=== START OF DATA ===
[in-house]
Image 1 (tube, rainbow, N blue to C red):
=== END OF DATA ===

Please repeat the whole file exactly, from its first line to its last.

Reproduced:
[in-house]
Image 1 (tube, rainbow, N blue to C red):